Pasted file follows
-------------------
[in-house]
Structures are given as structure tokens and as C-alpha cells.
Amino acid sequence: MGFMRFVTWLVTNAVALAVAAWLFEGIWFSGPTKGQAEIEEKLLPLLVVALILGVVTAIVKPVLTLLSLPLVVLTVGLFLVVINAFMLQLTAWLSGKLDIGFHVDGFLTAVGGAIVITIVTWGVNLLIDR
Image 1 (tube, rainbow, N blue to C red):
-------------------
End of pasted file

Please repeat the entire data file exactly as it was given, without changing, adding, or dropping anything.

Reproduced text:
[in-house]
Structures are given as structure tokens and as C-alpha cells.
Amino acid sequence: MGFMRFVTWLVTNAVALAVAAWLFEGIWFSGPTKGQAEIEEKLLPLLVVALILGVVTAIVKPVLTLLSLPLVVLTVGLFLVVINAFMLQLTAWLSGKLDIGFHVDGFLTAVGGAIVITIVTWGVNLLIDR
Image 1 (tube, rainbow, N blue to C red):